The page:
In 2009, the RBI introduced the ‘Directions for opening and operation of Accounts and settlement of payments for electronic payment transactions involving intermediaries, 2009[4](“Nodal Directions”). These Nodal Directions also detailed the timelines for all final settlements to merchants that banks and intermediaries need to comply with while operating a nodal account.

Since both the Nodal Directions issued in 2009 and the Guidelines issued in 2020 pertain to the same subject matter i.e the role and responsibilities of intermediaries (payment aggregators) with respect to settling of fund between a customer an a merchant, the RBI should clarify whether the Nodal Directions issued in 2009 would continue to apply despite separate guidelines issued by the RBI in this regard. Additionally, both the Guidelines and the Nodal Directions detail the timelines that ought to be followed by an intermediary/payment aggregator for settlement of funds, co-existence of these regulations only creates ambiguity and confusion.

Non-periodic reporting

With respect to non-periodic reporting mentioned in Annex 3 of the Guidelines, it is stated that ‘Report from Banks in Compliance with para 3.6 of Annex 1 – One time report should be sent by April 15th, 2021 to the RBI’.

Clause 3.6 states: ‘E-commerce marketplaces providing PA services shall not continue this activity beyond the deadline prescribed at clause 3.4 above. If they desire to pursue this activity, it shall be separated from the marketplace business and they shall apply for authorisation on or before June 30, 2021.

It is unclear whether payment aggregators will be required to send the report from the bank by April 15, 2021 or June 30, 2021 since the separation of businesses is required to be undertaken by June 30, 2021. Additionally, the Guidelines fail to clarify what aspects of the separation of the business are banks expected to report on and whether such banks would be in a position to confirm such compliance.

Escrow account

Clause 8.6 (Annex I) states that payment aggregators shall be permitted to pre-fund the escrow account with own / merchant’s funds. However, in the latter scenario, merchant’s beneficial interest shall be created on the pre-funded portion.

Since a single escrow account will be opened by a payment aggregator, the Guidelines are unclear on how multiple beneficial interests will be created in favour of merchants who will pre-fund the escrow account, or whether the escrow account will have to be segregated into separate virtual private accounts or sub-accounts for creation of a beneficial interest in favour of each merchant.

The RBI also seems to have overlooked business continuity processes and disaster recovery management processes that a payment aggregator would implement while mandating that only one escrow account be maintained by a payment aggregator. This may create difficulties for payment aggregators to operate efficiently and seamlessly in the event of technical glitches with the escrow bank.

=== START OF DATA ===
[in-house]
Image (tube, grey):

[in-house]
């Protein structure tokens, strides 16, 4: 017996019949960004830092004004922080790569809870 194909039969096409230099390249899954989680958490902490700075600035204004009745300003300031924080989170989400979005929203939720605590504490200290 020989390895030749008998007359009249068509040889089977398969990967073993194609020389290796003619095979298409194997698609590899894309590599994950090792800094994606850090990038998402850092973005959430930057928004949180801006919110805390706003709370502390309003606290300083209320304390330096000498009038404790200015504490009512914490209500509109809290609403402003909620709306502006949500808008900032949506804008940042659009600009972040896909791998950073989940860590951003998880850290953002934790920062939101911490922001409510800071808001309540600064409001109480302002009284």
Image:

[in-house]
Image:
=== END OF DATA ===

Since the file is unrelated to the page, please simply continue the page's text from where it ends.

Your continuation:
Data storage

Clause 10.4 (Annex I) states that payment aggregators shall not store the customer card credentials within their database or the server accessed by the merchant and shall comply with data storage requirements as applicable to Payment System Operators (PSOs).

Additionally, clause 1.2 of Annex 2 (Baseline Technology – Related Recommendations) states that payment aggregators shall implement data security standards and best practices like PCI-DSS, PA-DSS, etc.

Clause 10.4 and clause 1.2 mentioned above appear contradictory to each other. Clause 1.2 requires payment aggregators to implement PCI-DSS and PA-DSS (which is required to be carried out by entities that store, process, and transmit cardholder data) whereas clause 10.4 states that payment aggregators shall not store customer card credentials.

 It is also unclear whether payment aggregators can store customer card credentials in a separate database on a server which is not accessed by the merchant since the restriction appears to be for storing customer card credentials within the database or the server accessed by the merchant.

Security Assessment of merchants

While clause 1.3 of Annex 2 states that payment aggregators should undertake comprehensive security assessment during merchant on-boarding process to ensure these minimal baseline security controls are adhered to by the merchants, it is uncertain how payment aggregators shall undertake this requirement if the merchants that use payment aggregation services operate through offline means such as a brick and mortar shop.

Further, the requirement to comply with minimal baseline security controls as specified in the Guidelines may impose significant costs on small merchants and may restrict them from using payment aggregation services.

Conclusion

Considering the increasingly significant role that payment aggregators play in the digital payments ecosystem, the Guidelines are a welcome move in terms of providing additional security and protection to customers of e-commerce entities and merchants. We await clarifications from the RBI with respect to the highlighted issues, a clearer articulation of regulatory objectives with respect to the Guidelines will indeed provide the much-needed certainty to payment aggregators for them to structure their business in line with the Guidelines.


[1] Accessible at – https://www.rbi.org.in/Scripts/NotificationUser.aspx?Id=11822&Mode=0

[2] Accessible at – https://www.rbi.org.in/scripts/NotificationUser.aspx?Id=11910&Mode=0

[3] Accessible at – https://www.rbi.org.in/Scripts/BS_ViewMasDirections.aspx?id=11566

[4]  Accessible at – https://www.rbi.org.in/scripts/NotificationUser.aspx?Mode=0&Id=5379

For any questions or clarifications, please reach out to Mathew Chacko or Ankita Hariramani.